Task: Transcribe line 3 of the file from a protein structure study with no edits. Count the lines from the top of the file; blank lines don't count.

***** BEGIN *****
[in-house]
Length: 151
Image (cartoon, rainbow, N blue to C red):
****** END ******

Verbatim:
Image (cartoon, rainbow, N blue to C red):